Pigeon Post Alive and Well
Photo: Courtesy of the Letter Writers Alliance
Ever wish you could send your mail by carrier pigeon? Well guess what…you can! Granted, the pigeons aren’t alive and they need postage, but you get the idea.
Back in 2011, Kathy Zadrozny, co-founder of the five-year-old Letter Writers Alliance (LWA), was researching what role these birds played during World War II and whether people still used them today. “I was happy to see that carrier pigeons were still going strong,” she wrote by e-mail. “I wanted to see [whether] there was a way to mimic this delivery method without having to raise the birds.” From there, the Pigeon Post Kit was born. The idea: Put your letter into the “package” and it’ll show up at the recipient’s doorstep as if flown by carrier pigeon.
The kit, which includes a plastic pigeon (shown above), message forms, label pouches, postage for one mailing, and instructions, costs $30. Refills cost another $10. To mail the bird yourself, you’ll have to shell out $2.45. But don’t worry, there’s little question it’ll fit in the blue USPS mailboxes. (Here’s video proof if you’re still unsure.)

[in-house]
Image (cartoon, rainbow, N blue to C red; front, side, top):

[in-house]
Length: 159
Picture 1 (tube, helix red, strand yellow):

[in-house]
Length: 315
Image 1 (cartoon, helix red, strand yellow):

In fact, Zadrozny and LWA co-founder, Donovan Beeson, made sure the plastic pigeons could actually soar through the mail. “It violates no postal regulations,” the Pigeon Post FAQ reads. “The pigeon is not hazardous, fragile, or perishable. It weighs under 13 oz., so it is legal to place into a post box. Just because it isn’t a rectangle doesn't mean it can’t be mailed.”
Zadrozny says the carrier pigeons are one of LWA’s bestsellers, and it’s easy to see why. Who wouldn’t love receiving actual mail by avian transporter? “It was first a service where we wrote the message and mailed the pigeon for you. We quickly realized we were taking half the fun out of the concept,” Zadrozny wrote. “There is an odd sense of satisfaction in hearing the thump of the pigeon in the corner mailbox when you mail it off.”
Though we typically prefer not to think about birds thumping, in this case, we’ll make an exception—but only for the Pigeon Post. Besides, Audubon editors love getting mail (wink, wink).